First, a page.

It speaks to me : art that inspires artists / Jori Finkel.Material type: BookPublisher: Munich ; New York : DelMonico Books, Prestel, 2019Copyright date: �2019Description: 167 pages : color illustrations ; 25 cm.Content type: text Media type: unmediated Carrier type: volumeISBN: 9783791356594; 3791356593.Uniform titles: Interviews. Selections Subject(s): Artists -- Psychology | Artists -- Interviews | Creation (Literary, artistic, etc.) -- Interviews | Artists | Artists -- Psychology | Creation (Literary, artistic, etc.) | ART / GeneralGenre/Form: Interviews.DDC classification: 700.92/2
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|Non-Fiction||Davis (Central) Library Non-Fiction||Non-Fiction||700.92/2||Coming Soon|
Enhanced descriptions from Syndetics:
Fifty celebrated artists--from New York to New Delhi--on the eye-opening and thought-provoking art that inspires them.
Imagine your favorite artist leading you through a museum to the very work of art they can't stop thinking about. That's the experience at the heart of It Speaks to Me . In lively and intimate conversations, 50 acclaimed artists discuss artworks they find compelling from museums around the world. Together they bring to life a wide range of artworks, from a Rembrandt self-portrait to a 21st-century social-protest drawing, all beautifully reproduced in one volume that is itself inspiring. Highlights include: David Hockney on Edgar Degas, Shirin Neshat on Alice Neel, Marina Abramovic on Umberto Boccioni, Ai Weiwei on a Shang Dynasty jade, Nick Cave on Jasper Johns, Judy Chicago on Agnes Pelton, Do Ho Suh on Jeong Seon, Mark Bradford on Mark Rothko, and Gillian Wearing on Rembrandt.
"Imagine your favorite artist leading you through a museum to the very work of art they can't stop thinking about. That's the experience at the heart of It Speaks to Me. In lively and intimate interviews, some of today's most acclaimed artists share the compelling details that make an artwork memorable and meaningful to them. Together these artists bring to life a wide range of museum pieces, from celebrated masterpieces to little-known gems, or from a Rembrandt self-portrait to a social-protest drawing. In the process they remind us of why we look at art at all: to share in the spark of creativity that can jump from an artwork across countries and centuries and to experience the extraordinary sensation of being inspired. Highlights include: David Hockney on Edgar Degas, Marina Abramovic on Umberto Boccioni, Ai Weiwei on a Shang Dynasty jade, Nick Cave on Jasper Johns, Judy Chicago on Agnes Pelton, William Kentridge on Antoine Bourdelle, Luc Tuymans on Jan van Eyck, and Gillian Wearing on Rembrandt"-- Provided by publisher.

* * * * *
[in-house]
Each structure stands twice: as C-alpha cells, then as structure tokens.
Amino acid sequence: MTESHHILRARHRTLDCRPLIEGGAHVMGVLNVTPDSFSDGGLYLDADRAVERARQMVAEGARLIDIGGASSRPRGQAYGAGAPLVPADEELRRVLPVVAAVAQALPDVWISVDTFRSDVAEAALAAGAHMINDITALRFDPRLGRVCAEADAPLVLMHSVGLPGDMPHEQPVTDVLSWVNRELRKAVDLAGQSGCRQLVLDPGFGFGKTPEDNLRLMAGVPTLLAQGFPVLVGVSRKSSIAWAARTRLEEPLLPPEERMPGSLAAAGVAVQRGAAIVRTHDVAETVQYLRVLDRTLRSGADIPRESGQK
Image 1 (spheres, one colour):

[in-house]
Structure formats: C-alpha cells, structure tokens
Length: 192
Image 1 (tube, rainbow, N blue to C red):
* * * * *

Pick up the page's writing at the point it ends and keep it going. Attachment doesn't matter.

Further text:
Marina Abramovi on unique forms of continuity in space by Umberto Boccioni -- Ai Weiwei on a kneeling jade figure from the tomb of Fu Hao -- Mounira Al Solh on a Palmyran funerary relief -- Leonor Antunes on The right to be lazy by John Knight -- Ilit Azoulay on the Ivory pomegranate -- John Baldessari on The treachery of images (This is not a pipe) by Ren�e Magritte -- John Bock on Tallow (Unschitt) by Joseph Beuys -- Mark Bradford on No. 61 (Rust and blue) by Mark Rothko -- Pia Camil on the Coatlicue statue -- Nick Cave on Target by Jasper Johns -- Judy Chicago on Awakening : memory of father by Agnes Pelton -- Jimmie Durham on The vision by Ernst Barlach -- Mikala Dwyer on a toweling suit by Percy Grainger -- Teresita Fern�andez on The jungle by Wifredo Lam -- Lungiswa Gqunta on The waves by Liza Lou -- Lynn Hershman Leeson on Pierre-Edouard Baranowski by Amedeo Modigliani -- Roger Hiorns on Prince Baltasar Carlos in black and silver by the studio of Diego Vel�azquez -- David Hockney on The rape of the Sabines (after Poussin) by Edgar Degas -- Candida H�ofer on Still life with pitcher and apple by Roy Lichtenstein -- Gary Hume on An old woman with a rosary by Paul C�ezanne -- William Kentridge on Sappho by Antoine Bourdelle -- Suzanne Lacy on Elvira Arellano in Sanctuary Adalberto United Methodist Church in Chicago as protest against deportation by Andrea Bowers -- Suzy Lake on Rising to the occasion by Rebecca Belmore -- Liz Magor on an eight-sided Tlingit box -- Annette Messager on Le massacre des innocents by Nicolas Poussin -- Beatriz Milhazes on First mass in Brazil by Victor Meirelles -- Yoshitomo Nara on Ghost/Unknown mass by Inges Idee -- Tuan Andrew Nguyen on a 4th century wood sculpture of Buddha -- Ahmet �O�g�ut on The threatened swan by Jan Asselijn -- Gabriel Orozco on the Sun stone -- Cornelia Parker on The battle of San Romano by Paolo Uccello -- Mai-Thu Perret on Krazy kat 5 by Sherrie Levine -- Bernard Piffaretti on Pierrot, formerly known as Gilles by Jean-Antoine Watteau -- Ana Prvacki on Grotto of Sarrazine near Nans-sous-Sainte-Anne by Gustave Courbet -- Pipilotti Rist on Shiva Nataraja from Tamil Nadu -- Juli�ao Sarmento on Portrait of a young woman by Domenico Ghirlandaio -- Mithu Sen on a red sandstone torso from Harappa -- Stephen Shore on the Studiolo from the Ducal Palace in Gubbio -- Shinique Smith on Canyon by Robert Rauschenberg -- Kishio Suga on Tokyo stone line by Richard Long -- Do Ho Suh on Kumgang Mountain by Jeong Seon -- Diana Thater on Video flag Z by Nam June Paik -- Rikrit Tiravanija on Venus of Bangkok by Montien Boonma -- Luc Tuymans on The Virgin and Child with Canon van der Paele by Jan Van Eyck -- Bill Viola on The Annunciation by Dieric Bouts -- Edmund de Waal on The interior of the Grote Kerk at Haarlem by Pieter Saenredam -- Gillian Wearing on Self-portrait at the age of 63 by Rembrandt -- Lawrence Weiner on Door to the river by Willem de Kooning -- James Welling on Northern point by Andrew Wyeth.